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motch

Will The Coastline Ever Be Artificially Extended Out For Miles In The Future?

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Just watched Time Team on TV. Many years ago large areas of Land now undersea on the suffolk Cost around Dunwich.

In the future with the big increases in population expected, could there be a big land reclaim from the sea, to help with the growing population?

Not just Suffolk, but other places as well

Edited by motch

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Just watched Time Team on TV. Many years ago large areas of Land now undersea on the suffolk Cost around Dunwich.

In the future with the big increases in population expected, could there be a big land reclaim from the sea, to help with the growing population?

Not just Suffolk, but other places as well

Given rising sea levels, I think that we're more likely to be struggling to hold on to what we have,

Peter.

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Imagine trying to get it passed the NIMBYS with sea views.

No chance.

PAST! PAST!

goes off for a lie down. :angry:

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Can't see it, I've read some detailed council proposals for spending money on sea defences this year and they are pretty miserly. Mostly spending a small bit now to patch up and kicking the can of major sea defence work many years down the line. And reading between the lines that fingers-crossed there are no big storms between now and then.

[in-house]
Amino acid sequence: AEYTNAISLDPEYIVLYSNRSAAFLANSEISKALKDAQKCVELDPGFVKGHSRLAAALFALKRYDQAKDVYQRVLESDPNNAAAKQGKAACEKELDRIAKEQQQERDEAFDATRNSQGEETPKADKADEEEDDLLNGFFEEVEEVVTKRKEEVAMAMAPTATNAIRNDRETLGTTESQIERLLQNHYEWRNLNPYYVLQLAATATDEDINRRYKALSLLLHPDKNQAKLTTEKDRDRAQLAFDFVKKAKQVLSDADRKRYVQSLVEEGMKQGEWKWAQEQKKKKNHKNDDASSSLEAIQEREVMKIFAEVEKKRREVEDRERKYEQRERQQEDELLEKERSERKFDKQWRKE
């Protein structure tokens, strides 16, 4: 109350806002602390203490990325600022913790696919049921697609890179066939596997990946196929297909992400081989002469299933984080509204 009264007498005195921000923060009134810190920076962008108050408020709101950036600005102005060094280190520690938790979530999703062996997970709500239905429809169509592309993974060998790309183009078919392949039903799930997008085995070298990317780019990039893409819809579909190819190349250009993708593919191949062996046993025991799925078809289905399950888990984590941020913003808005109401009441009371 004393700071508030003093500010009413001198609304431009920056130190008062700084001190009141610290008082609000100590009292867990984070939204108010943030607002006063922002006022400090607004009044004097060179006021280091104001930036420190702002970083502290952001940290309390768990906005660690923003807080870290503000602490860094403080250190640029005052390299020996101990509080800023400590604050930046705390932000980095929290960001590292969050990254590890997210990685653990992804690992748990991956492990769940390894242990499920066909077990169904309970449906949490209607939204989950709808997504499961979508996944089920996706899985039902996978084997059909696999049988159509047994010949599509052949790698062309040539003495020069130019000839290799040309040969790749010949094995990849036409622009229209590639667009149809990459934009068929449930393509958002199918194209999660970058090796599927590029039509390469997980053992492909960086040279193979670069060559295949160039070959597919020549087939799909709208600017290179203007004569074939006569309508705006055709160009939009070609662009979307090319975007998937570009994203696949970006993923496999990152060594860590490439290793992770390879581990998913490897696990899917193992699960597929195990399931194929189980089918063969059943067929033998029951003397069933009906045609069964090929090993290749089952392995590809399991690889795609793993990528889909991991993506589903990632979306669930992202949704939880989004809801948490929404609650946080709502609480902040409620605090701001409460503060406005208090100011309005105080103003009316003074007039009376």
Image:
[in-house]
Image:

Anyway there's no shortage of land to build on in East Anglia, there's vast amounts and it's all flat. Sort out the planning laws and build away.

To mark 10,000 of the best ever posts on an internet forum ;)

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In the future with the big increases in population expected, could there be a big land reclaim from the sea, to help with the growing population?

Holland seems to have managed it, and of course there's Boris Island.

I imagine the Wash could be reclaimed almost entirely.

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Anyway there's no shortage of land to build on in East Anglia, there's vast amounts and it's all flat. Sort out the planning laws and build away.